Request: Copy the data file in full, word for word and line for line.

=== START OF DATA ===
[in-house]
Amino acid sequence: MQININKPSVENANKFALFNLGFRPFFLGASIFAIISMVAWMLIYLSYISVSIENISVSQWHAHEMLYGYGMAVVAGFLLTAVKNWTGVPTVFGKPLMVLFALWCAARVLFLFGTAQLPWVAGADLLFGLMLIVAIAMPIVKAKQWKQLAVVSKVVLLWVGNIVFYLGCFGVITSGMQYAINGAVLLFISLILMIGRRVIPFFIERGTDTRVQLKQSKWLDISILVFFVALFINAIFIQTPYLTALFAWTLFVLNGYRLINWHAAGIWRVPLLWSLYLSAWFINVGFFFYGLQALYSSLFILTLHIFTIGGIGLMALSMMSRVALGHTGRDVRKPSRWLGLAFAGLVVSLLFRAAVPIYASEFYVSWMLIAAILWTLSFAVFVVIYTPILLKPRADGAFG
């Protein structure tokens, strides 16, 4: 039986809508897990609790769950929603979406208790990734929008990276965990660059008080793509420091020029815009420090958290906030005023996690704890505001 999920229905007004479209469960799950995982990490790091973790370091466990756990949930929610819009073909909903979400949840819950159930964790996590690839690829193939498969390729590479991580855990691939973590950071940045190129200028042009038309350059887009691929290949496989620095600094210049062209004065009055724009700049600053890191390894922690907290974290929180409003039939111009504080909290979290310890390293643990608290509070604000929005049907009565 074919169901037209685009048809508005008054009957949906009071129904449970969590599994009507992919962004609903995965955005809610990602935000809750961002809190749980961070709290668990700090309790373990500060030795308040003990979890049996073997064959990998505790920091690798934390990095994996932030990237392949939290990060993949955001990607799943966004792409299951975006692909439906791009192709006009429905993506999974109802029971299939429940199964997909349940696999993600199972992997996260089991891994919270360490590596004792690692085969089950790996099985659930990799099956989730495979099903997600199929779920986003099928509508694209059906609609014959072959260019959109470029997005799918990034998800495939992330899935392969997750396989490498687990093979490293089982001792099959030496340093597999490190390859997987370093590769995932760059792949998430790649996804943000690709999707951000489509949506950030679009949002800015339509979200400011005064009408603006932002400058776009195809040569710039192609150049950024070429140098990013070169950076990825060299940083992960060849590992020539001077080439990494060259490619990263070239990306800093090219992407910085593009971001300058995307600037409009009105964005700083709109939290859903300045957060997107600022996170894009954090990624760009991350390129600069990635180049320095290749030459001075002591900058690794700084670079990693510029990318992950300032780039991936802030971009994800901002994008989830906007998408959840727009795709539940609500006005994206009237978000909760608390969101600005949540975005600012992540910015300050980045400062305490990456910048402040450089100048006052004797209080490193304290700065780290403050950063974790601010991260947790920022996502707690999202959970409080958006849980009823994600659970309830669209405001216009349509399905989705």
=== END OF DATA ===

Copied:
[in-house]
Amino acid sequence: MQININKPSVENANKFALFNLGFRPFFLGASIFAIISMVAWMLIYLSYISVSIENISVSQWHAHEMLYGYGMAVVAGFLLTAVKNWTGVPTVFGKPLMVLFALWCAARVLFLFGTAQLPWVAGADLLFGLMLIVAIAMPIVKAKQWKQLAVVSKVVLLWVGNIVFYLGCFGVITSGMQYAINGAVLLFISLILMIGRRVIPFFIERGTDTRVQLKQSKWLDISILVFFVALFINAIFIQTPYLTALFAWTLFVLNGYRLINWHAAGIWRVPLLWSLYLSAWFINVGFFFYGLQALYSSLFILTLHIFTIGGIGLMALSMMSRVALGHTGRDVRKPSRWLGLAFAGLVVSLLFRAAVPIYASEFYVSWMLIAAILWTLSFAVFVVIYTPILLKPRADGAFG
């Protein structure tokens, strides 16, 4: 039986809508897990609790769950929603979406208790990734929008990276965990660059008080793509420091020029815009420090958290906030005023996690704890505001 999920229905007004479209469960799950995982990490790091973790370091466990756990949930929610819009073909909903979400949840819950159930964790996590690839690829193939498969390729590479991580855990691939973590950071940045190129200028042009038309350059887009691929290949496989620095600094210049062209004065009055724009700049600053890191390894922690907290974290929180409003039939111009504080909290979290310890390293643990608290509070604000929005049907009565 074919169901037209685009048809508005008054009957949906009071129904449970969590599994009507992919962004609903995965955005809610990602935000809750961002809190749980961070709290668990700090309790373990500060030795308040003990979890049996073997064959990998505790920091690798934390990095994996932030990237392949939290990060993949955001990607799943966004792409299951975006692909439906791009192709006009429905993506999974109802029971299939429940199964997909349940696999993600199972992997996260089991891994919270360490590596004792690692085969089950790996099985659930990799099956989730495979099903997600199929779920986003099928509508694209059906609609014959072959260019959109470029997005799918990034998800495939992330899935392969997750396989490498687990093979490293089982001792099959030496340093597999490190390859997987370093590769995932760059792949998430790649996804943000690709999707951000489509949506950030679009949002800015339509979200400011005064009408603006932002400058776009195809040569710039192609150049950024070429140098990013070169950076990825060299940083992960060849590992020539001077080439990494060259490619990263070239990306800093090219992407910085593009971001300058995307600037409009009105964005700083709109939290859903300045957060997107600022996170894009954090990624760009991350390129600069990635180049320095290749030459001075002591900058690794700084670079990693510029990318992950300032780039991936802030971009994800901002994008989830906007998408959840727009795709539940609500006005994206009237978000909760608390969101600005949540975005600012992540910015300050980045400062305490990456910048402040450089100048006052004797209080490193304290700065780290403050950063974790601010991260947790920022996502707690999202959970409080958006849980009823994600659970309830669209405001216009349509399905989705």